In my years as an attorney defending DUI cases in Pennsylvania, I have dealt closely with many police departments. One problem I have found is there is a widespread lack of oversight and supervision. On top of that, some cops are under-trained and ill prepared for the rigors of being in law enforcement. These aspects create a culture ripe for misconduct and corruption.
Not every police officer is corrupt. I have dealt with a number of professional and well-trained Pennsylvania police officers. The truly well-educated and well-informed are sadly few and far between. In reality, there is a large number of corrupt unscrupulous police officers and many more that are involved in negligent misconduct due to their own ignorance.
Case in point is the ticket-fixing scandals in New York City. Many, many police officers were involved in taking bribes and making other illegal gains. If convicted, this will surely destroy the credibility of these officers and cast a shadow of doubt over the cases they worked. Perhaps this should rightfully be so.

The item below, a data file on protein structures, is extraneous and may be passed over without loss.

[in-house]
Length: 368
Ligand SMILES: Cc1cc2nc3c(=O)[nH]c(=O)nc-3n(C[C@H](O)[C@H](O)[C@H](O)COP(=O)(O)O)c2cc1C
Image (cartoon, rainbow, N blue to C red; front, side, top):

So what do we do?
How can we know a “good cop” from a “bad cop”?
It’s not like they run around with a sign hanging around their necks so we can know which is which simply by looking at the officer. What we need to do is look for other sources of verification such as dash camera video or a disinterested and unrelated witness. Unfortunately these simple sources of verification may not exist. So, it becomes an issue. When we have only one source of non-verified information (and especially of the information is subjective in nature), we have to look at it with great skepticism in order to be fair.
Let’s be fair and look at evidence in the light most consistent with the presumption of innocence and that is to be utterly skeptical.